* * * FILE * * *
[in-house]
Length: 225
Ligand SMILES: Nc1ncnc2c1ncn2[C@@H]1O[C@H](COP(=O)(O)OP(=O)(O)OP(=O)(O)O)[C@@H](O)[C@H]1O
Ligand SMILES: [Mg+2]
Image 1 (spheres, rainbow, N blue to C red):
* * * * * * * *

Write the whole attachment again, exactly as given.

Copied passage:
[in-house]
Length: 225
Ligand SMILES: Nc1ncnc2c1ncn2[C@@H]1O[C@H](COP(=O)(O)OP(=O)(O)OP(=O)(O)O)[C@@H](O)[C@H]1O
Ligand SMILES: [Mg+2]
Image 1 (spheres, rainbow, N blue to C red):